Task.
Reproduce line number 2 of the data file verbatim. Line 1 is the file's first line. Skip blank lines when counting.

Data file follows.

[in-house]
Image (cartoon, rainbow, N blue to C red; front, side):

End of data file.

Image (cartoon, rainbow, N blue to C red; front, side):